The decision to stop severely ill Michael O’Sullivan’s benefits led directly to his death, a coroner has ruled.
He hanged himself in 2013 after one of the government’s notorious Work Capability Assessment (WCA) tests found him “fit for work”.
His GP had certified him as unable to work. Three doctors had given the opinion that he suffered recurring depression.
Disability rights campaigners have exposed dozens of deaths that WCA decisions appear to have caused or contributed to—either by driving people to suicide or aggravating their conditions.
This is this first coroner’s decision that directly blames the WCA for a death. Senior coroner Mary Hassell was so concerned she warned the Department for Work and Pensions (DWP) that more people would die if the system wasn’t changed.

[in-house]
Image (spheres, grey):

She wrote, “I found that the trigger for Mr O’Sullivan’s suicide was his recent assessment. In my opinion, there is a risk that future deaths will occur unless action is taken.”
Since then hated Atos Healthcare, the company responsible for WCAs, has pulled out due to reputational damage. But staff at successor Maximus have spoken out about a bullying atmosphere that pressures them to find as many people fit for work as possible.